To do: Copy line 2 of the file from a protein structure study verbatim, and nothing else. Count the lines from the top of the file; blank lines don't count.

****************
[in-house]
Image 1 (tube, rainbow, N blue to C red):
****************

Image 1 (tube, rainbow, N blue to C red):